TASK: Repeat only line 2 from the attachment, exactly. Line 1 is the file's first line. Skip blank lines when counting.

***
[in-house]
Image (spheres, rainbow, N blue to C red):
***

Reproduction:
Image (spheres, rainbow, N blue to C red):